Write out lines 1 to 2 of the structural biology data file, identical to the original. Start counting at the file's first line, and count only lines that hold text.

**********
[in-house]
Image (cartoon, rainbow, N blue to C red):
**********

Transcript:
[in-house]
Image (cartoon, rainbow, N blue to C red):